That’s [00:39:00] one of the things that artificial intelligence does really well. Oh, something weird happened. So we need to take a better look at this. And conversely, in that happy path where 95% of the time, everything is perfect, then I can automate that. So that, you know, with confidence, I can say, okay, everything happened according to the contract that’s been created.
And we can go do that. And then when disputes happen, that’s where they can look, have all this stuff on the blockchain. And you know, one of the big benefits is, is taking about 90% out of that dispute time. So and this is something that IBM learned in using AI and blockchain on its own contracts, is that we were spending about 45 days, which is on average when two companies disagree,
two big companies disagree, that’s about how long it takes to resolve it, to get all the documentation that has been done manually. So moving from [00:40:00] a manual process to a digitized process, we were able to cut that from 45 days to five days. And that’s exactly what we saw with this big retailer and their suppliers as well, is in the dispute resolution.
They went from 45 days. And by the way. If you’re a, if you’re a legitimate company and you get a bill, you have to take that capital aside and set it aside because you have a, you know, what is a legitimate company and an a legitimate bill, and you’re just saying, wait, I’m not going to release that cash, but I’ve got to set that cash aside so I can’t use it for anything else.
Vaughn: It’s, it’s in payables until it gets resolved.
Erik: Exactly. And, and when you look at, you know, financial metrics, and you look at the payables or something that is in. Right? It’s, it’s one of the line items on your financial metrics that you have to report
Vaughn: taking your money out of circulation and that can be used.
And so, you know, the opportunity there is to free up that working capital and use it for something else. And
Vaughn: resolution time is lawyer time too which is not cheap.
[00:41:00] Erik: which is not exactly because it’s because if you don’t agree, you know, it’s can certainly get to the point where. You know, you’re, you’re, yeah, you’re eroding, those business relationships and, and worsening those business relationships.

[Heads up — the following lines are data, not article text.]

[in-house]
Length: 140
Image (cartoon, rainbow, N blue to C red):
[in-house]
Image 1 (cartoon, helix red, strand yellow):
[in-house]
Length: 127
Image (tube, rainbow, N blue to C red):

And when you do that, that’s not good for anybody. It’s not good for you. Even though you might get your pound of flesh right. As, as a retailer to your supplier. That supplier’s gonna going to start looking for business elsewhere where it’s easier to do business.
Vaughn: But in the long run the transparency that’s provided by the distributed ledger is really good for everybody
Erik: Exactly. And, and the, and the reliability of the data that’s generated by IOT devices, you know, on that ledger is it’s hard to automate what’s not instrumented. So all of these different technologies work together. So [00:42:00] the, the, the distributed ledger, IOT creating, instrumented, you know, instrumenting the physical world and, and digitizing that physical world, applying AI to find anomalies and deal with disruptions.
And then when you don’t have disruptions automating with things like smart contracts and other intelligent automation techniques. It doesn’t have to be smart contracts that just happens to be how they’re doing it. All of that makes, makes a much more frictionless environment between business partners. And to me, that’s good.
You know, that’s, that’s good for everybody
Vaughn: And reduces overhead for everybody.
Erik: Exactly. Yeah. You reduce overhead, then you’re able to keep your prices low and the consumers like it and, you know, you continue to get good for everybody, consumer demand.
Vaughn: So but just riefly, there were a couple of other verticals that you mentioned, like one was medicine that would be definitely applicable to this kind of technology.
Erik: You know, there’s, there’s another big concept out there called [00:43:00] provenance when in other words, you know, we’re, we’re talking about food safety and tracking the food back to the farm. But, um, there are other verticals like, the airline industry where, for instance, spare parts, you need to understand the provenance of those spare parts.
Automotive industry is the same thing. You want to understand the actual factory that those parts came from because. In the end, if that vehicle has a defect and there is some liability associated with that, you’ve got to very rapidly be able to track where that came from so that you can either address that liability or share that liability depending on your particular business model.